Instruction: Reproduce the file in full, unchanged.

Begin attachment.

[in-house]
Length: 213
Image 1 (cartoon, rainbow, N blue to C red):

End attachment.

[in-house]
Length: 213
Image 1 (cartoon, rainbow, N blue to C red):